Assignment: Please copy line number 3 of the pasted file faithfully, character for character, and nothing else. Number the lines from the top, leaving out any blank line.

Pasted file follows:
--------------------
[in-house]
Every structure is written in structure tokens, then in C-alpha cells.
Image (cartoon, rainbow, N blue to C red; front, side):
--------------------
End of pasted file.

Image (cartoon, rainbow, N blue to C red; front, side):